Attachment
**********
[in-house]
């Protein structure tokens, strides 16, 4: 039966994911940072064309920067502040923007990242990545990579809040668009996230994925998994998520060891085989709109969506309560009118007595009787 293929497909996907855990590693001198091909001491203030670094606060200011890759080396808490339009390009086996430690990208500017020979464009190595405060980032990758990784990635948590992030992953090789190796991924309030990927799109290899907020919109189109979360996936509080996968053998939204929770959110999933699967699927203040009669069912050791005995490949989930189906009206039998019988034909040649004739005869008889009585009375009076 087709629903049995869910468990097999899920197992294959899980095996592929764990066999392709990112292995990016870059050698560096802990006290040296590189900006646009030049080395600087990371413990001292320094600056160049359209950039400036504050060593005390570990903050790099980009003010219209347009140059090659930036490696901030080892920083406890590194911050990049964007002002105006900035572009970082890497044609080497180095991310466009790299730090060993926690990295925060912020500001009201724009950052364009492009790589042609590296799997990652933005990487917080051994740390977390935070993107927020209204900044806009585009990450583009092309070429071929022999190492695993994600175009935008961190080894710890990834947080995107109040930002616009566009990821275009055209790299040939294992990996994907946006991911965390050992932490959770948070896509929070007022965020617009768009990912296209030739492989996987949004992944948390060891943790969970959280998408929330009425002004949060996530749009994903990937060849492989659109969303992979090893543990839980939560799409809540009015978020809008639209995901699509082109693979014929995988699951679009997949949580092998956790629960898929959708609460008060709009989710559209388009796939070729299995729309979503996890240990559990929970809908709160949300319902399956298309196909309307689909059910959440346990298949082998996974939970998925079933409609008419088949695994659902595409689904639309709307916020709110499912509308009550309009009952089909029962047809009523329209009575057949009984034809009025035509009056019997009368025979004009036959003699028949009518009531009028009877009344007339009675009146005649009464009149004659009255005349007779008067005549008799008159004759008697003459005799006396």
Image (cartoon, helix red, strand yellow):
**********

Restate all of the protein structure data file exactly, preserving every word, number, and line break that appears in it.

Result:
[in-house]
């Protein structure tokens, strides 16, 4: 039966994911940072064309920067502040923007990242990545990579809040668009996230994925998994998520060891085989709109969506309560009118007595009787 293929497909996907855990590693001198091909001491203030670094606060200011890759080396808490339009390009086996430690990208500017020979464009190595405060980032990758990784990635948590992030992953090789190796991924309030990927799109290899907020919109189109979360996936509080996968053998939204929770959110999933699967699927203040009669069912050791005995490949989930189906009206039998019988034909040649004739005869008889009585009375009076 087709629903049995869910468990097999899920197992294959899980095996592929764990066999392709990112292995990016870059050698560096802990006290040296590189900006646009030049080395600087990371413990001292320094600056160049359209950039400036504050060593005390570990903050790099980009003010219209347009140059090659930036490696901030080892920083406890590194911050990049964007002002105006900035572009970082890497044609080497180095991310466009790299730090060993926690990295925060912020500001009201724009950052364009492009790589042609590296799997990652933005990487917080051994740390977390935070993107927020209204900044806009585009990450583009092309070429071929022999190492695993994600175009935008961190080894710890990834947080995107109040930002616009566009990821275009055209790299040939294992990996994907946006991911965390050992932490959770948070896509929070007022965020617009768009990912296209030739492989996987949004992944948390060891943790969970959280998408929330009425002004949060996530749009994903990937060849492989659109969303992979090893543990839980939560799409809540009015978020809008639209995901699509082109693979014929995988699951679009997949949580092998956790629960898929959708609460008060709009989710559209388009796939070729299995729309979503996890240990559990929970809908709160949300319902399956298309196909309307689909059910959440346990298949082998996974939970998925079933409609008419088949695994659902595409689904639309709307916020709110499912509308009550309009009952089909029962047809009523329209009575057949009984034809009025035509009056019997009368025979004009036959003699028949009518009531009028009877009344007339009675009146005649009464009149004659009255005349007779008067005549008799008159004759008697003459005799006396």
Image (cartoon, helix red, strand yellow):